OBJECTIVE: The aim of this study was to assess the cost-utility of adult male circumcision (AMC) versus no AMC in the prevention of heterosexual acquisition of HIV in men in sub-Saharan Africa.
METHODS: A decision tree was constructed and parameterized using data from published sources. The economic evaluation was conducted from the perspective of government health care payer. Benefits (disability adjusted life years [DALYs]) and costs were discounted at 3%. Costs were assessed in 2008 US dollars. One-way and probabilistic sensitivity analyses were conducted to assess the stability of the base-case results. The uncertainty surrounding the estimates of cost effectiveness was illustrated through a cost-effectiveness acceptability curve and cost-effectiveness plane.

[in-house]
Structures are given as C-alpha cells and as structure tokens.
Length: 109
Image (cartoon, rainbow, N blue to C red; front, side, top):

RESULTS: In the base-case analysis, AMC can be regarded as cost saving because it is associated with higher DALYs gained and lower costs than no AMC. The probability that AMC is cost effective is above 0.96 at a threshold value of $150 and remains high over a wide range of threshold values. Thus, there is very little uncertainty surrounding the decision to adopt AMC for prevention of heterosexual acquisition of HIV in men. The results were found to be sensitive to varying any of the following parameters: DALYs averted, discount, and circumcision efficacy.
CONCLUSIONS: AMC is found to be cost saving. AMC may be seen as a promising new form of strategy for prevention of heterosexual acquisition of HIV in men, but should never replace other known methods of HIV prevention and should always be considered as part of a comprehensive HIV prevention package.
- cost-utility analysis
- male circumcision
- probabilistic model
- Sub-Saharan Africa